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Friday, August 31, 2012 - Page updated at 10:00 p.m.
Fact check: Ryan ignores parts of his own record
By MICHAEL COOPER
The New York Times
Editor's note: An occasional look at the rhetoric and claims made by political campaigns and whether they adhere to the facts.
Rep. Paul Ryan used his convention speech Wednesday night to fault President Obama for failing to act on a deficit-reduction plan that he himself had helped kill. He chided Democrats for seeking $716 billion in Medicare cuts that he, too, had sought. And he lamented the nation's credit rating, which was downgraded after a debt-ceiling standoff that he and other House Republicans helped instigate.
Ryan's speech — peppered with statements that were incorrect, incomplete or incompatible with his own record in Congress — seemed to signal the arrival of a new kind of presidential campaign, one in which concerns about fact-checking have been largely set aside.
The Obama campaign, for its part, ran a deceptive ad saying Mitt Romney had "backed a bill that outlaws all abortion, even in case of rape and incest," although he currently supports exceptions in cases of rape, incest or when the life of the mother is at risk.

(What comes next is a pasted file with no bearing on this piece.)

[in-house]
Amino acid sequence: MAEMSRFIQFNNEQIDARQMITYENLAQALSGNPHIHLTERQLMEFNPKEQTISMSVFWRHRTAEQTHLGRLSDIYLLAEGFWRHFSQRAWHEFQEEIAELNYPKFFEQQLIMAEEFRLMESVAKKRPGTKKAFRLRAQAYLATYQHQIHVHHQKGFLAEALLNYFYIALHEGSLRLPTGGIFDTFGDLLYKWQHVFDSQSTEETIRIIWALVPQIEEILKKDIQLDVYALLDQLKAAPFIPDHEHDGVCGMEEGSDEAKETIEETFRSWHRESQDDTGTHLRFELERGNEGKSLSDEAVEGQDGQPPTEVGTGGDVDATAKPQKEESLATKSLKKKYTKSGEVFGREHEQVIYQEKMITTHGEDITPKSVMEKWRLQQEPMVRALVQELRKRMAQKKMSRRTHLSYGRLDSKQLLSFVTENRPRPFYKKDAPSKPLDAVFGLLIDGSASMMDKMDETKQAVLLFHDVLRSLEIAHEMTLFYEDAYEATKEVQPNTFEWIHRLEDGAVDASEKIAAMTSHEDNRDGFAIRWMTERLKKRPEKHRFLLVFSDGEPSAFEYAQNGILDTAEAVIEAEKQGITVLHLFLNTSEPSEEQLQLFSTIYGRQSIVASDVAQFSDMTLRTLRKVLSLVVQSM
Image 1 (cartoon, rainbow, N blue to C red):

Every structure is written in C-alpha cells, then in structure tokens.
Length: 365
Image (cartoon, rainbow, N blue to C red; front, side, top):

The growing number of misrepresentations appears to reflect a calculation in both parties that shame is overrated, and that no independent arbiters command the stature or the platform to hold the campaigns to account in the increasingly polarized and Balkanized media firmament. Any unmasking of the lies or distortions, the thinking goes, rarely seeps into the broader public consciousness.
Here are some of the problems with Ryan's speech:
One of Ryan's most pointed attacks on Obama was on the deficit.
"He created a new bipartisan debt commission," Ryan noted. "They came back with an urgent report. He thanks them, sent them on their way, and then did exactly nothing."
Left unsaid: Ryan served on that commission, and his opposition to its final proposals helped to seal its fate. The 18-member panel, known as the Simpson-Bowles deficit commission, made a number of recommendations that Ryan ultimately opposed on the grounds that they would have raised some taxes while failing to cut enough from health programs.